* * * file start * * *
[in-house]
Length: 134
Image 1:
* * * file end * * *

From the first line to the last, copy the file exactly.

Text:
[in-house]
Length: 134
Image 1: